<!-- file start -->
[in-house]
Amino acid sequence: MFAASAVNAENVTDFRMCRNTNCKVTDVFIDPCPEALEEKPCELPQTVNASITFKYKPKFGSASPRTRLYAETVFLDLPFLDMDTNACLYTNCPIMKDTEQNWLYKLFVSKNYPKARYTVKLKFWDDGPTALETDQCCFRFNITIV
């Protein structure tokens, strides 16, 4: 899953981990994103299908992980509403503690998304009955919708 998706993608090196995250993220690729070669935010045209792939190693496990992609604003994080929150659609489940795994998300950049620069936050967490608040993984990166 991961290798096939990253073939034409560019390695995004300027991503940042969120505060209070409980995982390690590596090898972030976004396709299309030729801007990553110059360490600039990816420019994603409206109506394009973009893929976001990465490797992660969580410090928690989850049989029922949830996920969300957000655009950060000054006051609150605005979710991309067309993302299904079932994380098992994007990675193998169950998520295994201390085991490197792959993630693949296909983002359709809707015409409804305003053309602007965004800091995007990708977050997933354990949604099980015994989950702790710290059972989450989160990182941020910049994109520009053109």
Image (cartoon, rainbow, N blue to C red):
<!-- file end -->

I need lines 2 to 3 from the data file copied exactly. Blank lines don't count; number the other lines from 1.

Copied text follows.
Amino acid sequence: MFAASAVNAENVTDFRMCRNTNCKVTDVFIDPCPEALEEKPCELPQTVNASITFKYKPKFGSASPRTRLYAETVFLDLPFLDMDTNACLYTNCPIMKDTEQNWLYKLFVSKNYPKARYTVKLKFWDDGPTALETDQCCFRFNITIV
């Protein structure tokens, strides 16, 4: 899953981990994103299908992980509403503690998304009955919708 998706993608090196995250993220690729070669935010045209792939190693496990992609604003994080929150659609489940795994998300950049620069936050967490608040993984990166 991961290798096939990253073939034409560019390695995004300027991503940042969120505060209070409980995982390690590596090898972030976004396709299309030729801007990553110059360490600039990816420019994603409206109506394009973009893929976001990465490797992660969580410090928690989850049989029922949830996920969300957000655009950060000054006051609150605005979710991309067309993302299904079932994380098992994007990675193998169950998520295994201390085991490197792959993630693949296909983002359709809707015409409804305003053309602007965004800091995007990708977050997933354990949604099980015994989950702790710290059972989450989160990182941020910049994109520009053109």